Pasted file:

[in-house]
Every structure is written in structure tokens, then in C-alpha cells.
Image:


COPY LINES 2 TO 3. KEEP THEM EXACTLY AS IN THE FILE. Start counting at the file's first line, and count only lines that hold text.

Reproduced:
Every structure is written in structure tokens, then in C-alpha cells.
Image: